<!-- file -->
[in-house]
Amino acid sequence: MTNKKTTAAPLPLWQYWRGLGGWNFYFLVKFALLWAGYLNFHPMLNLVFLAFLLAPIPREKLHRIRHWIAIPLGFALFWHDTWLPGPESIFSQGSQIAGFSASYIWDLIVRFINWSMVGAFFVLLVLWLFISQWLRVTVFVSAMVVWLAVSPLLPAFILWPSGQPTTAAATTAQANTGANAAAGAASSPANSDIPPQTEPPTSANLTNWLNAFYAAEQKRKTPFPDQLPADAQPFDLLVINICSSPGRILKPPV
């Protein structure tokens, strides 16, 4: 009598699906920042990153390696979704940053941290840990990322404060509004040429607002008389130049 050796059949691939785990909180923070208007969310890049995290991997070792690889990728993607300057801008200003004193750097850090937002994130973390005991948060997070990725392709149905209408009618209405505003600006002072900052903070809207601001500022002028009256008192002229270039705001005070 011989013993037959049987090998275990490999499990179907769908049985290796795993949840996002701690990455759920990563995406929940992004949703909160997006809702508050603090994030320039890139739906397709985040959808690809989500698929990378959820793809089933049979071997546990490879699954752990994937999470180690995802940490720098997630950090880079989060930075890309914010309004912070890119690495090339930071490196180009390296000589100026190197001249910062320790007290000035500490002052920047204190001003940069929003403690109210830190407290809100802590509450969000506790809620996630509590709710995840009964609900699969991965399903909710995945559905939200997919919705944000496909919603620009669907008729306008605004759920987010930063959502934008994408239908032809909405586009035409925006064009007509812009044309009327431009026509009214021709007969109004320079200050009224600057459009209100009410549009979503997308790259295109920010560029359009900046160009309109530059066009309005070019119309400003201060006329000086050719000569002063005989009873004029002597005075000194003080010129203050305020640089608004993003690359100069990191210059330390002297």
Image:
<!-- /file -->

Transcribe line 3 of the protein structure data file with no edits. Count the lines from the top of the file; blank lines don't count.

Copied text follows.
């Protein structure tokens, strides 16, 4: 009598699906920042990153390696979704940053941290840990990322404060509004040429607002008389130049 050796059949691939785990909180923070208007969310890049995290991997070792690889990728993607300057801008200003004193750097850090937002994130973390005991948060997070990725392709149905209408009618209405505003600006002072900052903070809207601001500022002028009256008192002229270039705001005070 011989013993037959049987090998275990490999499990179907769908049985290796795993949840996002701690990455759920990563995406929940992004949703909160997006809702508050603090994030320039890139739906397709985040959808690809989500698929990378959820793809089933049979071997546990490879699954752990994937999470180690995802940490720098997630950090880079989060930075890309914010309004912070890119690495090339930071490196180009390296000589100026190197001249910062320790007290000035500490002052920047204190001003940069929003403690109210830190407290809100802590509450969000506790809620996630509590709710995840009964609900699969991965399903909710995945559905939200997919919705944000496909919603620009669907008729306008605004759920987010930063959502934008994408239908032809909405586009035409925006064009007509812009044309009327431009026509009214021709007969109004320079200050009224600057459009209100009410549009979503997308790259295109920010560029359009900046160009309109530059066009309005070019119309400003201060006329000086050719000569002063005989009873004029002597005075000194003080010129203050305020640089608004993003690359100069990191210059330390002297």